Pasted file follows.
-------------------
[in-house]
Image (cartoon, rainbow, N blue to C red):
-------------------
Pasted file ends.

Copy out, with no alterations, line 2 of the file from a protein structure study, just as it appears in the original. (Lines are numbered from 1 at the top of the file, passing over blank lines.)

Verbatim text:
Image (cartoon, rainbow, N blue to C red):